When MAO inhibitors (MAOIs) are used as psychiatric medications, they can prevent the breakdown of tyramine, leading to elevated levels in the body. People on MAOIs are cautioned not to eat foods containing high levels of tyramines. When tyramine levels are too high, a hypertensive crisis can occur – dangerously raising blood pressure and causing stroke-like symptoms.[ref]

MAO, Parkinson’s, and Toxins:

While the monoamine oxidase enzymes mainly break down substances produced in the body (e.g. neurotransmitters), they also can interact with the way that a few drugs are broken down and some environmental toxicants. This interaction can play a role in Parkinson’s disease, which is caused by damage to dopaminergic neurons in a specific region of the brain.

One chemical that is metabolized by MAO-B is 1-Methyl-4-phenyl-1,2,3,6-tetrahydropyridine (MPTP). MPTP itself is non-toxic and can cross the blood-brain barrier. In the brain, MAO-B converts it into a neurotoxin, MPP+, which can cause cell death in dopamine-producing neurons in the substantia nigra. The death of dopamine-producing neurons in the substantia nigra causes Parkinson’s disease.[ref]

MPTP was discovered as a contaminant in illegal drugs that caused immediate and irreversible Parkinson’s symptoms. Within a few years of its discovery, MAO B was identified as the enzyme that turned MPTP into the neurotoxic MPP+. Researchers now use MPP+ extensively to create animal models of Parkinson’s.[ref] You can read more about MPTP and its discovery here.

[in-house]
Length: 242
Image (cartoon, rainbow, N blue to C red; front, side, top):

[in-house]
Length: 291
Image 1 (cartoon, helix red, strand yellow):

While you’re not likely to run into MPTP (unless you’re taking synthetic street drugs), it is chemically similar to a commonly used herbicide called paraquat.[ref] Subsequently, a number of studies have shown that higher paraquat exposure increases the risk of Parkinson’s disease.[ref]

Monoamine Oxidase increases ROS:

When monoamine oxidase breaks down a monoamine (neurotransmitters, tyramine, etc.), the reaction produces hydrogen peroxide and possibly ammonia, which are reactive oxygen species (ROS). This production of ROS is normal, and cells produce anti-oxidants to balance out the ROS. In the brain, glutathione is the antioxidant that counteracts the hydrogen peroxide created by MAOs.[ref]

However, when cellular antioxidants are overwhelmed by too much ROS, a state of oxidative stress occurs in the cell. When MAO is upregulated, such as when exposed to lipopolysaccharide (gram-negative bacteria), oxidative stress can occur.